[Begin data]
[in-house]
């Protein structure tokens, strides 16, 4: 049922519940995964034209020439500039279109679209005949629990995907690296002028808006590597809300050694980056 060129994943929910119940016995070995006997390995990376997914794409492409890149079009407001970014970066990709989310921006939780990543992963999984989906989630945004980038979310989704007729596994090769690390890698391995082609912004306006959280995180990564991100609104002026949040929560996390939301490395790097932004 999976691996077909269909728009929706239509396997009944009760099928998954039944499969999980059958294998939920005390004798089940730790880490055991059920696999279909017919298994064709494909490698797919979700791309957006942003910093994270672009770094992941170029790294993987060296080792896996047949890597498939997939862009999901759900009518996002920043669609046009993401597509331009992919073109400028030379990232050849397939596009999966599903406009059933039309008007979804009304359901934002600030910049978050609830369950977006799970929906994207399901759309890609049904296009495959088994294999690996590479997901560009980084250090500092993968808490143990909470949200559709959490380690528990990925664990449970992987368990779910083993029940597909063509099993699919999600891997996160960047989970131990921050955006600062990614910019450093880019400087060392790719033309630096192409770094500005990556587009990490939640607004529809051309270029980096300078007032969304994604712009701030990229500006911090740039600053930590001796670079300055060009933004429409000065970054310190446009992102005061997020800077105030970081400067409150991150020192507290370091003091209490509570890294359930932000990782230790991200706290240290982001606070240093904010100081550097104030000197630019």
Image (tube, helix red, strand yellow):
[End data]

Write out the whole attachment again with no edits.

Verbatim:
[in-house]
């Protein structure tokens, strides 16, 4: 049922519940995964034209020439500039279109679209005949629990995907690296002028808006590597809300050694980056 060129994943929910119940016995070995006997390995990376997914794409492409890149079009407001970014970066990709989310921006939780990543992963999984989906989630945004980038979310989704007729596994090769690390890698391995082609912004306006959280995180990564991100609104002026949040929560996390939301490395790097932004 999976691996077909269909728009929706239509396997009944009760099928998954039944499969999980059958294998939920005390004798089940730790880490055991059920696999279909017919298994064709494909490698797919979700791309957006942003910093994270672009770094992941170029790294993987060296080792896996047949890597498939997939862009999901759900009518996002920043669609046009993401597509331009992919073109400028030379990232050849397939596009999966599903406009059933039309008007979804009304359901934002600030910049978050609830369950977006799970929906994207399901759309890609049904296009495959088994294999690996590479997901560009980084250090500092993968808490143990909470949200559709959490380690528990990925664990449970992987368990779910083993029940597909063509099993699919999600891997996160960047989970131990921050955006600062990614910019450093880019400087060392790719033309630096192409770094500005990556587009990490939640607004529809051309270029980096300078007032969304994604712009701030990229500006911090740039600053930590001796670079300055060009933004429409000065970054310190446009992102005061997020800077105030970081400067409150991150020192507290370091003091209490509570890294359930932000990782230790991200706290240290982001606070240093904010100081550097104030000197630019």
Image (tube, helix red, strand yellow):